by: Thomas Young
One of the biggest mistakes made by business leaders is thinking their website strategy or design is complete and does not need ongoing attention after the site goes live. You may not need to overhaul web strategy in each strategic digital marketing meeting, but you do need to react to the data from your web stats and constantly be finding ways to improve results and modify the strategy. These strategy modification efforts are key to increasing website traffic and maximizing conversion rates.
The driving factor behind step four of the Four-Step Process is the ability to successfully modify a business strategic digital marketing strategy based on the available web stats and feedback from your site’s visitors. This is usually done in the team’s strategic digital marketing meetings and implemented through the team’s action plans generated as a result of these meetings.
How Often to Update the Home Page and Key Taglines
For the most part, your home page design does not need to change very often. However, after two to three years the design will be stale and will need an update to look fresh and current. Work with your designer on this process and observe design trends among your competitor websites and other sites you frequent online.
The content focus and key messaging on your home page should be updated more frequently. What are the most important things happening at your company that you want website visitors to know about? This should be updated monthly or even weekly. We don’t recommend a “what’s new” section because few people click on those pages and most companies are not able to keep this section current. Rather, place new home page content in a brief tagline in your main banner or just below the banner or home page images. Your website home page is usually the most popular web page on your site and is a great place for content updates about your company.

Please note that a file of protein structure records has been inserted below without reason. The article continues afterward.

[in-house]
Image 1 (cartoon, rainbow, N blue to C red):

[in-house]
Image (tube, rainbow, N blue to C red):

It is important to note that Internet users are becoming very keen to the look of a website’s home page. They will know if you have an old design or if your design is fresh and up to date. Older looking websites do not communicate a strong brand, especially to younger site visitors who have grown up with the Internet. This is another reason to make regular design updates and keep the site fresh and modern looking.
When to Change the Focus of Website Content
As we discussed in previous blog posts, content is critical to your website’s success and you must have a plan for regular content updates through your blog and in other content areas on the website. You may find a need to change the focus of your content if your stats do not show strong user engagement. For example, if your web pages have bounce rates over 50 percent, less than three pages per visit, or low time per page visit, these are indicators your content is not appealing to readers. This would be a good time to reach out to a few people in your target market for feedback on the type of content with higher value for website visitors. Higher value content drives more traffic and conversions and all this is measured in your web stats.
The most active content area of your website will be the company blog. However, new product and service areas should be updated as needed and highlighted in your main navigation menu.